Honda proposes an Augmented Driving Concept on the path to autonomy
The transition to autonomous driving will progress differently in different generations. Youngsters who never learned to drive will probably take to driverless cars like ducks to water. Snaggle-toothed old tire-shredders will never give up control of the wheel. And for those in between – a perineal generation, if you will – there'll have to be some percentage of cars that can do both, in a way that makes them practical but still allows you to celebrate the act of driving when the spirit possesses you.
This is the thinking behind Honda's "Augmented Driving Concept," which it's presenting at CES next month. It's a cheery little open-top roadster with spacey futurey wheels, electric drive and a tiny, low visor as a windshield. Its purpose is to demonstrate a new approach to the venerable steering wheel.
The car has "more than eight modes between fully autonomous and semi-autonomous operation," meaning that whatever you're doing behind the wheel, it's taking your input suggestions and running them by the computer before deciding if it'll do whatever you've asked it to do. There's a switch if you want to engage full autonomy, but the car won't wait for you to make the call if it feels like driving itself. It's always watching you in case you fall asleep, or start taking photos out the window, or use both hands to pick your nose, and it'll take the wheel without judgement the second it thinks you're compromised.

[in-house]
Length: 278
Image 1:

One pats the steering wheel twice to start, which is a nice window into how Honda thinks people feel about their cars, and there doesn't appear to be any pedals, so the yogically inclined are free to lotus-position it down the freeway with abandon. Instead, you'll push the wheel forward to tell the car to go faster, and pull it back to go slower.
You'll note I didn't say "you'll push the wheel forward to accelerate," because that's not what's happening at all. If you tell the car to go faster and it doesn't think that's a good idea, it simply won't. So there's no worries about being hard on the brakes in an emergency, and your bodyweight pushing you forward onto the steering wheel and making the car accelerate. It assumes all your inputs are those of a moron, which may well be the case given the general standard of driving on public roads, and it trusts its own judgement over your own.
Personally, as a member of said perineal generation, I'm not sure that this level of control really constitutes an opportunity to "experience the emotion and thrill of driving." But Honda is simply proposing a possible future vision here, so nobody's coming for my keys just yet.
Visitors to CES 2020 can take a simulated ride in the Augmented Driving Concept and feel the emotion and thrill of driving for themselves, before getting in their cars and experiencing the emotion and thrill of driving back to their hotels in Vegas traffic.